My grandfather died on December 7, 1941 and on their way home from the hospital, my dad and grandmother heard on the radio that Japanese airplanes had bombed the American Naval Base in Pearl Harbour, Hawaii and that the U.S. was entering World War II. My grandmother married Oscar Falk a family friend, also a German Jew who had moved to New York and lived with my grandparents. Papa Oscar joined the army and was a translator on General Eisenhower’s staff and was one of the first Americans to enter Berlin with Eisenhower.

When my dad turned eighteen he volunteered to become a member of the United States Army Air Corps. My dad went through extensive training and became a tail gunner on a B-17. He would joke that he was a fighter pilot who flew backwards. Dad and the rest of his crew were based in England. My love for Great Britain began, long before I became a student in London, from hearing so many loving stories from my dad about the British and the time he spent in England. It intensified during my four months studying British Broadcasting in London during the Autumn of 1973 and has continued to do so over the years as I have come back to visit friends.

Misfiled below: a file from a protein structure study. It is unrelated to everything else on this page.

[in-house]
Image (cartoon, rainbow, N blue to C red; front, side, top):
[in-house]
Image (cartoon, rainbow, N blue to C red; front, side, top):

During my dad’s first bombing mission his B-17 sustained damage causing it to crash somewhere in the east of France. Dad became a prisoner of war and lived in German POW camps for eleven months. As the Allies invaded Germany, the Germans moved my father from one German POW camp to another forcing him and other POWs to walk across most of Germany. My dad was plagued by poor circulation in one of his feet for the rest of his life caused by frostbite from that long trek across Germany. The dog tags that my father wore around his neck indicated that he was a Jew. The fact that my dad survived and that I was eventually born seven years after he was freed is nothing short of a miracle.

Dad died in 1983, seven years before I came out of the closet. I believe that one of the reasons that he so quickly enlisted on his eighteenth birthday was so that his future son wouldn’t have to face the discrimination and hatred that he did.